Today’s post is by Andy Peloquin, covering sexism in fantasy.
In case you somehow missed the title.
Take it away, Andy!
One thing I and other male fantasy/sci-fi writers find is that writing female leads is pretty darn tough!
Think about all of the great fantasy books currently floating around in bookstores today. I can honestly say that 90% of them have male main characters, with female characters to support them.
Books with male MCs:
- Harry Potter
- The Wheel of Time
- The Stormlight Archives
- The Gentlemen Bastards
- A Song of Ice and Fire
All of these books have strong male leads, though there are strong females to support them or even share the spotlight with them. However, in all of them, it’s the main male characters that move the story forward.
For example, take the Harry Potter series. Hermione is a very important character in the book, but it’s not called the Adventures of Hermione Granger.
Look at the Stormlight Archives books. Book 1 The Way of Kings heavily featured Kaladin Stormblessed and Dalinar Kholin, with the space shared with Shallan Davar. Book 2 places a bit more emphasis on Shallan, but it’s still Kaladin and Dalinar’s story.
All of the greatest books have had male leads, and–this is going to be highly contested, but I have to say it–most of the books with female leads come off almost more Young Adult than hardcore fantasy.
Look at series like The Hunger Games and Divergent. Both the movies and the books tend to be pretty mild when you compare them to books with strong male leads. I did a Google Search for “top fantasy books for women”, and most of the results were books I’ve never heard of.
So why is it that fantasy tends to be such a male-dominated culture?
- A lot of the writers are male. I’d be willing to venture a guess that upwards of 60% of fantasy writers are men. Men don’t usually write women as well as they write other men.
- Male leads are easier to write. With a man, you pretty much know what you’re going to get. Female leads are harder to write, as there is a lot more complex emotions going on in most cases. (I’m not generalizing, just stating what I’ve found to be true.)
- It’s easier to make an adventure with men. A man wearing heavy plate mail, holding up a falling gate, or commanding a troop of infantry is much more plausible than a woman doing so. If you want intrigue, female leads are brilliant. For straight-forward epic adventure, women make excellent supporting characters to a man’s lead.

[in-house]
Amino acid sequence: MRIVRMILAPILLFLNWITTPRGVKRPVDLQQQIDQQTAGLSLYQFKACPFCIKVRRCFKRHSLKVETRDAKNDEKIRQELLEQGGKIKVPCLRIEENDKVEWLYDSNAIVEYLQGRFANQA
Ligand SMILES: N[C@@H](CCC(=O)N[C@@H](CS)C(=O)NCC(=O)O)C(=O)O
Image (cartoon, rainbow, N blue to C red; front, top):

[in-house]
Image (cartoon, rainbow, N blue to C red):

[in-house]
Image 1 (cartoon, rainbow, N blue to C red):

- Males dominated medieval cultures. If you read most fantasy books, they tend to be male-centric. There is always an exception to every rule, but most fantasy worlds tend to be fairly archaic, medieval, and “male-power”.
I’m not saying that there is anything wrong with the way fantasy is written, it’s just a trend that I’ve noticed as more and more women in the media harp on equal rights.
Does that mean you should start writing books with strong lead women? If you’re a writer who can’t make female leads interesting, you’ll end up watering down a potentially great story with a poor character.
However, when you come up with a new story idea, don’t automatically make it all about the men in the world you’re building. See if you can add strong, empowered female leads that help propel the story forward. Try to get creative with your MC and see if you can’t make that “he” into a “she”. Not only will you start thinking outside of the box, but some of these fantasy adventures could almost come out better with a woman at the reins.
And don’t forget the Bechdel test:
- It has to have at least two women in it,
- who talk to each other,
- about something besides a man. 
About the Author:
Andy Peloquin is a fantasy lover turned author, and he writes the stories he would love to read.
Growing up as a third-culture kid gave him a broader insight into the world around him, an insight he tries to weave into his books. When not writing he enjoys family, practicing martial arts, reading comics, reading, playing the guitar, and blogging on his website: http://www.andypeloquin.com.
He debuted his first novel — In the Days: A Tale of the Forgotten Continent — in 2014, and plans on writing many, many more.
He can also be found on his social media pages, such as: